The Gate Keeper Chapter 26 (In which doubts are erased)
by Andrew Miller TBW Smith Jones Wallace Broadbent and Ndimande is an agency in crisis. Their ‘basket of boutique services’ strategy has bombed. Only a massive new project can keep the doors open – all eyes are now on the corporate tent at Mangaung. Far in the background, an emergency replacement executive PA with decades of experience makes important decisions. Interns rise, board members take unexpected steps and things begin to change…
The intern discovers the truth of ancient white wisdom, via a wild paw on the thigh…
In which doubts are erased
Vati’s lingering doubts as to the true nature of the advertising business – and hence Tim Broadbent’s general sanity – were eliminated within the space of 30 seconds. She had been summonsed by Mama E to an emergency catch up meeting with Him. If raised eyebrows are any measure of looming danger, Mama E was screaming at her on her way into his plush leather set up. Vati was entering a no prisoner zone.
He had His hands on her thigh within seconds. And it was a bare thigh. A thigh sans stockings or any kind of covering. His hand latched onto it like a wet towel. Before she even had time to scream the wet damp hungriness was shooting up the inner portion, straight to the holy land, grasping wildly. On instinct, which came from who knew where, she punched him viciously in the throat with a balled fist, and followed that with a savage nail scratch across the cheek.
And that, as they say, was that.
It was not possible to remove Vati from the team completely. They had touted her heavily with the client and she was expected to be a necessary strategic and aesthetic addition to the Mangaung venture.
That said, the scratches on His cheek and the insane pain He was experiencing when swallowing meant that He would have nothing to do with her. He demanded with every resource at His disposal that Vatiswa Magubane would sit at the very back of the bus.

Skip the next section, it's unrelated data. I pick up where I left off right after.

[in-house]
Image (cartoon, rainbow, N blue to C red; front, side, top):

She made sure to walk calmly out of his office, as if nothing untoward had taken place. She winked at Mama E in passing, then walked straight out the front door, out the four different security entrances and over the road to the Hyde Park shopping centre. She cursed summer as she walked – no more summer skirts. Ever. Regardless of climate.
Vati sat at the same table she, Tim Broadbent and sweet, gracious and kind Phil, the graphic designer and poet, had occupied on another occasion. She reviewed, in sudden and renewed seriousness, their discussion.
Tim, thanks to his elevated position at the agency, had alluded to certain elements of the great EFT / Mangaung Hip Hop and rural banking plan that were not – by any stretch of the imagination – common knowledge. To wit: the project budget would be delicately skimmed in the form of un-announced management bonuses, ala Cricket South Africa. Nothing more than a percentage point or two, of course, but with budgets heading north of a few hundred million, and with the government tender also in the mix, certain unnamed personalities involved in the project were, he winked mournfully at his two new young friends, already eyeing out properties on the coast. According to Tim, it would be a relatively simple matter for anyone to “nail the bastards.”
“You would just have to cock the trigger at the right time,” he insisted. “About an hour and a half before they announce it would be about right. Just need to set up a press conference, notify them of it and then demand what you want.”
“A million each.” Phil laughed out loud. Vati choked on her pasta.
“Sure,” said Tim. “Why not. I was think more like five hundred each, but what the hell. You only retire once.” He then launched a powerful and extended monologue on the regret of lost decades, wasted time and creativity pissed against the wall.
Now, the creepy sensation of that wet paw rocketing up her still young and relatively innocent inner thigh was all Vati needed for the debate that had been coursing through her these last few weeks to finally resolve itself. Tim Broadbent was an unlikely elder in her life – maybe even the most unlikely. He was white down to his bone marrow. He was white in ways she would never even comprehend. Nonetheless, he had spoken the truth. He had spoken from deep in his ancient white heart. It would serve her well to listen.